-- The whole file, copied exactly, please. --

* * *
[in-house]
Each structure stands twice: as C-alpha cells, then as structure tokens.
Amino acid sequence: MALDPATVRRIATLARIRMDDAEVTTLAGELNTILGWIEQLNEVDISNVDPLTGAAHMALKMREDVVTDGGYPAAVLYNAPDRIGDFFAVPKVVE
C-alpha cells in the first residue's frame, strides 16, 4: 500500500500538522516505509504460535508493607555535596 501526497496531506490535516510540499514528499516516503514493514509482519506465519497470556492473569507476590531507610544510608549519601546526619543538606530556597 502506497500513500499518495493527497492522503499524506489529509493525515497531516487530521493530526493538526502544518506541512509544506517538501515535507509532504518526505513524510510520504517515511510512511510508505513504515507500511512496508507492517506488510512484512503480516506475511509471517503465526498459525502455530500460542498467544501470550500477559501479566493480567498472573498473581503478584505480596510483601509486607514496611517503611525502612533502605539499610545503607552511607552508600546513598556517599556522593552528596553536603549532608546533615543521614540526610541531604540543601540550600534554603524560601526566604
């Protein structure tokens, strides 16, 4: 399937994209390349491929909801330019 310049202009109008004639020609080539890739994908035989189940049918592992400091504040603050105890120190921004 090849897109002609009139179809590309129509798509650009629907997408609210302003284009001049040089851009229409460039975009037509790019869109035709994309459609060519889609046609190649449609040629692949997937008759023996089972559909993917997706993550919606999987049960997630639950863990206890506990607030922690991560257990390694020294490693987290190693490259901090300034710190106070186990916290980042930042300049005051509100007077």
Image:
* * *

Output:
[in-house]
Each structure stands twice: as C-alpha cells, then as structure tokens.
Amino acid sequence: MALDPATVRRIATLARIRMDDAEVTTLAGELNTILGWIEQLNEVDISNVDPLTGAAHMALKMREDVVTDGGYPAAVLYNAPDRIGDFFAVPKVVE
C-alpha cells in the first residue's frame, strides 16, 4: 500500500500538522516505509504460535508493607555535596 501526497496531506490535516510540499514528499516516503514493514509482519506465519497470556492473569507476590531507610544510608549519601546526619543538606530556597 502506497500513500499518495493527497492522503499524506489529509493525515497531516487530521493530526493538526502544518506541512509544506517538501515535507509532504518526505513524510510520504517515511510512511510508505513504515507500511512496508507492517506488510512484512503480516506475511509471517503465526498459525502455530500460542498467544501470550500477559501479566493480567498472573498473581503478584505480596510483601509486607514496611517503611525502612533502605539499610545503607552511607552508600546513598556517599556522593552528596553536603549532608546533615543521614540526610541531604540543601540550600534554603524560601526566604
């Protein structure tokens, strides 16, 4: 399937994209390349491929909801330019 310049202009109008004639020609080539890739994908035989189940049918592992400091504040603050105890120190921004 090849897109002609009139179809590309129509798509650009629907997408609210302003284009001049040089851009229409460039975009037509790019869109035709994309459609060519889609046609190649449609040629692949997937008759023996089972559909993917997706993550919606999987049960997630639950863990206890506990607030922690991560257990390694020294490693987290190693490259901090300034710190106070186990916290980042930042300049005051509100007077």
Image: